|Publication number||US5799329 A|
|Application number||US 08/584,407|
|Publication date||Sep 1, 1998|
|Filing date||Jan 11, 1996|
|Priority date||Jan 11, 1996|
|Publication number||08584407, 584407, US 5799329 A, US 5799329A, US-A-5799329, US5799329 A, US5799329A|
|Inventors||Alan D. Hauschild|
|Original Assignee||Hauschild; Alan D.|
|Export Citation||BiBTeX, EndNote, RefMan|
|Patent Citations (10), Referenced by (40), Classifications (12), Legal Events (5)|
|External Links: USPTO, USPTO Assignment, Espacenet|
The present invention relates to a sport utility case which is convertible to a vest, more particularly a sport utility case for elongated objects such as rifles, shotguns, bows including long bows, and compound bows, fishing rods, skis, snow boards and the like which has at least one zipper or other fastening means around a substantial portion of the outside periphery and a series of other standard fastening or securing means such as D-type clips, with belts, hook and loop, fasteners commonly sold under the trademark "VELCRO" or the like for securing the vest on the body of the wearer. A number of embodiments are disclosed including high visibility materials, camouflage, bullet resistant and means for buoyancy being built into the sport utility case/vest either alone or in combination. (For the sake of brevity the convertible sport utility case will be referred to hereinafter as "the case/vest".)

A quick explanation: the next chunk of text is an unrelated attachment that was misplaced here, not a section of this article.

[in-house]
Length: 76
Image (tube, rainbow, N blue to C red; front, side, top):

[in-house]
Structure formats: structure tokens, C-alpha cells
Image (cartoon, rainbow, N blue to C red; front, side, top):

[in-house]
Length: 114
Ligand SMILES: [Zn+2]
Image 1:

Cases for carrying sporting items have traditionally been made in conformity with the shape of the items to be placed therein. For example gun cases for rifles and shotguns are generally long planar devices which are straight with an enlarged portion for placement of the stock of the gun and a narrower elongated portion reflecting the part of the case where the barrel would be placed. An example of such case is disclosed in U.S. Pat. No. 3,437,247 to Gantress.
Cases for storage of sporting items such as rifles or shotguns have been provided which additionally serve an alternative purpose when the rifle or shotgun is removed. Attempts have been made hithertofore to provide gun cases which are convertible into a vest including anti-ballistic properties at least as preferred embodiments. For example, U.S. Pat. No. 4,475,247 to Lee discloses a combination gun case and protective apparel having bullet resistant material integrally formed as part of the gun case or as an insert within the gun case. Essentially the gun case has a periphery zipper which extends only over little more then half of the outside perimeter of the case. When unzipped, the gun case is attachably mounted to the wearer in such a manner that the case covers only the front torso of the wearer with the two ends that were formerly zippered together being opposed and disposed on the respective right and left sides of the wearer. A series of belts are then required to secure the vest.
U.S. Pat. No. 5,031,733 discloses a suitcase which is convertible to a vest. Multiple hinged joints which are disposed on the sides of the case come undone yielding a planar device which is placed over the head and loosely secured by having two of the hinged joints attached over the wearer's shoulders. Bullet resistant material is disclosed in one embodiment for use in each of the plate members rendering protective properties for the wearer.